04/4/2018
14:40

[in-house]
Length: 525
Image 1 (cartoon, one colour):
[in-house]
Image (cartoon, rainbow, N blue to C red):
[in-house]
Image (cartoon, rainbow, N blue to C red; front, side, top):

ariane: Is Royal Dutch Shell plc a good ISA stock after the recent share price fall? Edward Sheldon | Wednesday, 4th April, 2018 | More on: RDSB Image source: Getty Images. Royal Dutch Shell (LSE: RDSB) shares have not escaped the recent FTSE 100 sell-off. After a strong finish to 2017 and a positive start to January in which Shell’s share price rallied from around 2,400p to a 52-week high of over 2,600p, the stock has since fallen back to the 2,260p level today. That share price represents a 13% decline from January’s high. There’s no denying that Shell is a world-class company. The oil major has a total market capitalisation of almost £200bn and is the largest weighting in the FTSE 100 index. As a result, the stock is held by the majority of large mutual funds and pension funds. If you own Shell shares, you’re in good company. But does Shell’s current share price offer value? Is the oil major a solid pick for an ISA at the moment? Let’s take a look at the investment thesis. Valuation With analysts expecting Shell to generate earnings per share of $2.35 for FY2018, the stock’s current forward-looking P/E is a reasonable 13.6. That’s bang in line with the average FTSE 100 P/E according to Stockopedia. It’s worth noting, however, that rival BP has a slightly more expensive valuation and currently trades on a forward-looking P/E ratio of 14.7. This suggests that Shell is the better value of the two stocks. Overall, I think Shell’s valuation is quite reasonable after the recent share price fall. It’s worth pointing out that the oil price fell sharply during February’s sell-off, with Brent dropping from over $70/bbl to around $62/bbl. Oil has since recovered to $67/bbl, yet Shell’s share price remains depressed. This leads me to believe that it could potentially rebound higher when we get through this current period of high volatility. Dividend We can’t talk about Shell without mentioning the dividend, as the oil major offers one of the highest yields in the FTSE 100 at present. Last year, Shell paid its shareholders $1.88 per share in dividends. At the current share price and GBP/USD exchange rate, that equates to a high yield of 5.9%. Pocketing that kind of dividend on a regular basis, and compounding it over the long term, can really enhance your wealth. Shell’s current dividend yield is almost double the average for the FTSE 100 (3.1%) and is over three times the yield you can expect to receive from the average cash ISA these days. So that has to be viewed as a positive. Having said that, Shell has not increased its dividend for several years now, which is not ideal from an income investing perspective. There are plenty of companies within the FTSE 100 that are increasing their dividends, and therefore may offer better inflation protection. It’s worth noting though that Shell does have a fantastic dividend track record and has not cut its payout since WW2. Risks Of course, the shares aren’t without risks. Another dramatic collapse in the oil price could result in the stock falling significantly. It’s also worth keeping the long-term threat of renewable energy in mind. However, overall, I believe Shell shares offer an attractive investment opportunity right now. I own it in my own personal ISA and plan to keep holding the stock for the long term. Buy-And-Hold Investing Our top analysts have highlighted five shares in the FTSE 100 in our special free report "5 Shares To Retire On". To find out the names of the shares and the reasons behind their inclusion, simply click here to view it immediately with no obligations whatsoever! Edward Sheldon owns shares in Royal Dutch Shell B. The Motley Fool UK has recommended BP and Royal Dutch Shell B.